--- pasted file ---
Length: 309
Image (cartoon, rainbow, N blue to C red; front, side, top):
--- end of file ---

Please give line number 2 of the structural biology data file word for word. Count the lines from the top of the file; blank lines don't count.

Image (cartoon, rainbow, N blue to C red; front, side, top):